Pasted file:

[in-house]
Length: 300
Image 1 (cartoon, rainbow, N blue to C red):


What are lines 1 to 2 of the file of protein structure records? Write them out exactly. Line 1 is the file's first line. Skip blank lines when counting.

[in-house]
Length: 300